On Sunday the remarkable engineering history of a small corner of Leeds will be honoured. Joanne Ginley reports.
IN its heyday Hunslet, in Leeds, was internationally-renowned for the manufacture of steam locomotives, traction engines, road rollers and steam wagons.
At the weekend one of the city's most famous engineering companies will be recognised for its contribution to Leeds' industrial heritage.
A blue plaque will be placed on the site of the former Midland Engine Works of J & H McLaren Ltd, at 100 Jack Lane, Hunslet. Today the site is occupied by Equinox Design Ltd and because the works building no longer survives, the plaque will on a plinth built out of bricks taken from the last surviving wall of the building.
The Leeds Civic Trust plaque will read: "J & H McLaren produced steamrollers, traction and ploughing engines on this site until 1938. From 1926 they were Britain's first volume maker of high-speed diesel engines, transferring to the Airedale Works, Hunslet Road in 1946.
"Their products were exported worldwide."
It is yet another in a series, which the civic trust, in partnership with Leeds and District Traction Engine Club, has put up to celebrate the industrial heritage of Hunslet. The director of Leeds Civic Trust, Kevin Grady, said: "Anyone who has attended a traction engine rally will know what wonderful vehicles McLaren's manufactured.
"It is fascinating to look at their old catalogues showing their products in use all over the British empire in the Victorian era and beyond.
"Having already placed plaques on the surviving building of the Hunslet Engine Company, the Yorkshire Patent Steam Wagon Company and Mann's Patent Steam Cart and Wagon Company, all very close together in Hunslet, the trust has been very keen to give McLaren's the recognition it so richly deserves. "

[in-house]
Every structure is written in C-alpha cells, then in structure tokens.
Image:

The company was founded by brothers John and Henry McLaren in 1876. McLaren's early years saw the development of good quality machines powered by steam.
But the development of the oil engine at the start of the 20th century, started a revolution that would eventually oust steam.
McLaren's took on development of the oil engine, becoming a major provider of diesel engines for railway traction, power generation and marine applications.
Pioneers of automotive-type diesel engine production in Britain, McLaren's was in the forefront of the use of diesel engines for road, rail and agricultural purposes.
The McLaren family relinquished the business in 1943, on amalgamation with the Associated British Oil Empire. There was expansion and further takeover of the company until the Leeds production base ebbed away.
The unveiling will take place on at 1pm on Sunday. Members of the public, especially former employees, are welcome to attend the event.
Historic products from McLaren's will be on show at the unveiling, amongst them a unique Motor Windlass dating from 1930 which, for the first time will be on show outside its usual home, the Leeds Industrial Museum at Armley Mills.
An 1899 McLaren's traction engine, belonging to Dave Bradley, who lives near Knaresborough, will also be at the event. There will be a photographic display about McLaren products in the Leeds & District Traction Engine Club's marquee.